On a broader level, there is a certain symbolic value surrounding the appointment of an Indigenous person to the position of Justice Minister. Despite the traditionally adversarial relationship between the First Nations and the Crown, especially in that which relates to law and justice, Minister Wilson-Raybould’s role in Cabinet is reason to be hopeful for positive change from within this new government. In her, the Department of Justice has a formidable leader who understands the socio-economic, systemic roots of the problems plaguing Indigenous peoples, and is uniquely placed to help bring about effective and lasting solutions from a legal perspective. As put by Osgoode Professor Signa Daum Shanks:
I have great faith in her experience navigating difficult waters. If some people haven’t heard of her before, I am confident that they will be wowed by her natural abilities, which have been strengthened by her background: that of a female Regional Chief for all of British Columbia who has been elected for two-terms in a traditionally male-dominated environment. She has a lot of experience as a ‘diplomatico’ – and possibly the best one in the Trudeau cabinet.
Despite this initial optimism, it is nonetheless important to reflect upon the position that Minister Wilson-Raybould now occupies, and be cognizant of the challenges that she will likely face in her tenure as Attorney General of Canada. First and foremost, the change in government has left a number of outstanding legal questions that will need to be addressed quickly by the new Minister of Justice. In addition to those described above, questions relating to cooperative federalism, court appointments, and the continuing development of section 35(1) of the Constitution Act, 1982 continue to be persistent issues that warrant require attention from the Department of Justice and the Prime Minister’s Office. Minister Wilson-Raybould will certainly have her work cut out for her in that regard.
This is particularly so given this period of governmental transition. So soon after taking over from a Harper government that was in power for nearly ten years, the new Liberal majority is in the process of finding its political feet. At this early stage, we should not expect a swift and immediate overhaul of Canada’s justice system (not to suggest that this is necessarily warranted in the first place). A “wait-and-see” approach is the more probable strategy from the Trudeau government, and we can expect it to take its time in reviewing all available and appropriate options before incrementally bringing forward the changes it sees fit. The benefits of this strategy are known to political strategists, and was most recently endorsed by a coalition of First Nations and advocacy organizations in the context of MMIW. Pointing to the problems identified in BC’s own inquiry on the subject, the coalition urges Trudeau’s government to “take lessons from BC’s failures,” and to be cautious in finding the proper solutions to the significant issues ahead.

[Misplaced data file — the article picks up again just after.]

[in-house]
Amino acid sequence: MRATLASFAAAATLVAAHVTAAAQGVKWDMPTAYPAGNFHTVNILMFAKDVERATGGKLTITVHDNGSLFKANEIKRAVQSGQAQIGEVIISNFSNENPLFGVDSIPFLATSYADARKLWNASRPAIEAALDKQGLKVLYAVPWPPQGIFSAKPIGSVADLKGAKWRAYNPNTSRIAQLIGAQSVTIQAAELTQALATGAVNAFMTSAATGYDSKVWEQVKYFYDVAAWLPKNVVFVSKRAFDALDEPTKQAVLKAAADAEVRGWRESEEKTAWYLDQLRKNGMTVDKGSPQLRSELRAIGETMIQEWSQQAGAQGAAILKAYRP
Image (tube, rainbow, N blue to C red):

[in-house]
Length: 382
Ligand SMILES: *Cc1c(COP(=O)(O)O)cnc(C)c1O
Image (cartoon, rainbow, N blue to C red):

A similar point can be made regarding Canada’s Department of Justice – a monumental institution staffed by thousands of seasoned lawyers and policy advisors, and embedded with its own internal bureaucracies and practices. Although Minister Wilson-Raybould will now be at its helm, it would be imprudent to suggest that she will have the capacity to make wholesale modifications to the operation of her Ministry this early on. There is only so much one person can do in a short span of time – even someone as qualified as Minister Wilson-Raybould. Moreover, we must also remind ourselves that the law has a limited role in addressing and remedying the roots of socio-legal issues.
Moreover, the exact nature of her function should also be borne in mind when thinking about Minister Wilson-Raybould’s new position. She is (among other things) an advocate for and representative of Indigenous peoples in Parliament, a Liberal party member, a representative of the Vancouver Granville riding, and the Minister of Justice. The many hats she must wear, and the plurality of interests she has to balance in her political capacity ought to be kept in mind before making grand assertions of what she will do for the Canadian legal system. This point was taken one step further by Ryerson Professor Pamela Palmater, who recently wrote about why Trudeau was right not to appoint a First Nations minister of Indigenous Affairs. Among the various topics addressed in her article is the role of Crown representatives, which remain centered around serving first and foremost the interests of the Crown “whether the person is First Nation or not.” The crux of her reasoning is that the Cabinet ministers are fundamentally representatives of the Crown’s interests – interests which, as she sets out, are at odds with those of the First Nations. Minister Wilson-Raybould is, in essence, bound by the government’s objectives, (notwithstanding her capacity to help shape them for good).
In other words, we cannot and should not expect the new Minister of Justice to achieve all of her laudable goals and objectives overnight. Although she maintains an enormously significant role in Canadian legal system, and has generated a fair degree of enthusiasm in many socio-political circles across the country, awareness of the institutional and structural limitations she will face over the course of the next four years is essential to speculating as to what her legacy may be. Placing unrealistic expectations on her would be both imprudent and counter-intuitive. As a legal community looking forward to what is ahead, we must give Minister Wilson-Raybould the time she needs to bring about the changes we need.
All things considered, Prime Minister Trudeau’s government is starting off on the right foot with the appointment of Minister Wilson-Raybould – an experienced, just, and attentive advocate. I, for one, am looking forward to seeing how her perspectives will shape the administration of justice in this country, and tackle some of the biggest issues of the day. Despite any challenges that lay ahead – and there will be challenges – the legal community can and should be anticipating a good four years under her aegis.